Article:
Drinkers at The Angel and The Anchor Tap in Bermondsey have been told to watch their mouths as the Sam Smith’s pub group has banned swearing in all its boozers, Becky Morton writes…
The brewery and pub owner, which runs around 200 pubs across the country, has issued guidance to all its landlords asking them to help prevent the use of bad language.
The Angel’s landlord Peter O’Sullivan told the News: “Sam Smith’s have said we have to try to do our best to make sure people don’t swear. But you’re talking to an Irishman – every other word which comes out my mouth is a swear word! So I’m consciously making an effort not to swear now.”
“I think Sam Smith’s are finding its getting a bit much in their pubs and they want to make it more comfortable for children, which is understandable,” he continued.
“If any of my customers take it too far with swearing I will kick them out. But I told Sam Smith’s I’d rather not put up a sign. I’d rather speak to customers about it myself.”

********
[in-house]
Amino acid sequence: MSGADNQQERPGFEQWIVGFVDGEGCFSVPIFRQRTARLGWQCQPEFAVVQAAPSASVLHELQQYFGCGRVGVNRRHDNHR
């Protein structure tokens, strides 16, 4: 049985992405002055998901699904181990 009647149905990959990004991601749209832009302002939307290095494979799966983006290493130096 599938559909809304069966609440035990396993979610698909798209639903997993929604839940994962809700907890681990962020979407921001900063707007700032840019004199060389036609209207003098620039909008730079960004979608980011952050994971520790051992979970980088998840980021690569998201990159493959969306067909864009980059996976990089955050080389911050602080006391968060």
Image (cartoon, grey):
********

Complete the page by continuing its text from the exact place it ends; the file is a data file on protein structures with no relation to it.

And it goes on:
Bartender Olja Erceg said: “We thought it was a joke at first when we got the letter from Sam Smith’s because Peter swears so much. But it’s just humour with him.”
Drinkers at The Angel seemed to agree. One regular said: “It’s only with the type of people moving here nowadays that they’re doing this sort of thing. It’s the new clientele. Well I say b****cks to them!” Michael Hageman from Bermondsey said: “If you live in west London you’ll find different people in the pubs. Here people don’t mind. I’m originally from Holland and the English swear much more. If there’s no kids around then that’s fine.” However, Neil Timothy, who works near The Anchor Tap, said: “I’m not sure how you’d police it but I think it’s a good idea within reason. If people are swearing with each other and no one else can hear that’s OK. But if you’re being loud and disrupting other people that’s different.”
The landlord of the Anchor Tap said he was unable to comment but the pub had signs displayed warning customers of the new policy.
The News asked Samuel Smith’s for a comment but received no reply at the time of going to press.